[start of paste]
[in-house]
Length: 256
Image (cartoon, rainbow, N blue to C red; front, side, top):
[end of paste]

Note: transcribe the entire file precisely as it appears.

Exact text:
[in-house]
Length: 256
Image (cartoon, rainbow, N blue to C red; front, side, top):